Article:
The date is 3 December 2020. It had been five minutes since the tingling sensation in her arm had summoned her from her office. Now she was standing alone in the darkened battle-assessment room wondering how she would do in her first actual conflict as commander in chief (CINC). "Computer on, terrestrial view," she snapped. Silently, a huge, three-dimensional globe floated in front of her. "Target: Western Pacific. Display friendly and enemy orders of battle, unit status, and activity level," was the next command. The globe turned into a flat battle map showing corps, division, and battalion dispositions. Lifelike images appeared before her, marking the aircraft bases with smaller figures showing airborne formations. Beside each symbol were the unit's designator, its manning level, and the plain-text interpretation of its current activity. The friendly forces were shown in blue, and the enemy in red. All the friendlies were in the midst of a recall. The map showed two squadrons of air-domination drones, a wing of troop-support drones, and an airborne command module (ACM) heading toward the formations of enemy forces. Shaded kill zones encircled each formation. Enemy forces floated before her, also displaying textual information. The image displayed enemy units on the move from their garrisons. Speed, strength, and combat radii were marked for each unit. Some enemy units showed-still in garrison-but with engines running, discovered by sensitive seismic, tactile, and fume-smelling sensors. "Manchuria," came the next command. The map changed. The CINC was now in the middle of a holographic display. Ground superiority vehicles (GSV), identified by the reliable structural sensory signature system (S4), moved below her, and drones flew around her. She could see her forces responding to the enemy sneak attack and monitored their progress. The engagement clock showed 10 minutes to go before the first blue and red squadrons joined in battle.
Aboard the ACM, the aerospace operations director observed the same battle map the CINC had just switched off. By touching the flat screen in front of him, he sent target formations to his dozen controllers. Each controller wore a helmet and face screen that "virtually" put him or her just above the drone flight being maneuvered. The sight, feel, and touch of the terrain profile-including trees, buildings, clouds, and rain-were all there as each controller pressed to attack the approaching foe.
On the ground, a platoon sergeant nervously watched his face-shield visual display. From his position, he could see in three-dimensional color the hill in front of him and the enemy infantry approaching from the opposite side. If the agency had had enough time before the conflict, it could have loaded DNA data on the opposing commander into the data fusion control bank (DFCB) so he could positively identify him, but such was the fog of war. The driving rain kept him from seeing 10 feet in front of him, but his monitor clearly showed the enemy force splitting and coming around both sides of the hill. The enemy's doctrinal patterns indicated that his most likely attack corridor would be on the eastern side of the hill. Now the enemy was splitting his force in hopes of surprising our forces. The platoon sergeant's troop commander saw the same screen as her troops did, with the added feature of having her opponent's "predicted" movements overlaid with his actual movements. From her virtual command post, she arrayed her forces to flank the foe. She had to be careful not to be fooled by the holographic deception images put in place by the enemy-an all too frequent and disastrous occurrence in the last conflict. If she was lucky, surprise would be on her side today.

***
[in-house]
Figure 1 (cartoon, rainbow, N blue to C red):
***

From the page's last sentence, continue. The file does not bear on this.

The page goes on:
A scant five minutes had passed since the global surveillance, reconnaissance, and targeting (GSRT) system alerted the CINC of unusual activity on the other side of the border. Multiple sensors, some of which had been dormant for years and some that had recently been put in place by special precision guided munitions (PGM) delivery vehicles, had picked up increased signal activity and detected an unusual amount of motion, scent, heat, noise, and motor exhaust in and around enemy bases. Now GSRT activated two additional CINC satellite (CINCSAT) low earth orbit (LEO) multisensor platforms, launched four air-breathing sensor drones, and fired two "lightsat," intersystem, omnisensorial communications satellites into orbit to bolster the surveillance grid that watched the globe and space beyond, 24 hours a day. As the CINC, airborne controller, and ground-troop commander activated their situation assessment system (SAS), GSRT identified them, confirmed their locations, and passed information required to get them on-line. As each warrior requested target data, GSRT fused sensor data, tapped databases, activated resources, and passed templated, neurally collated information to each person in exactly the format he or she needed to get a clear picture of the enemy and the unfolding situation. This was the same GSRT that was also aiding San Francisco in responding to yesterday's massive earthquake. From the president to the city mayor to the fireman trying to find the best route through the cluttered and congested streets, each got the requested real-time information in seconds, just as our troops in the Western Pacific did.
The CINC paused for several moments, wondering how battles were ever
fought without the information systems she now used with practiced ease,
and she was glad they were fighting an enemy still mired in the visual/electromagnetic
intelligence (ELINT)-oriented maneuver force of the last war.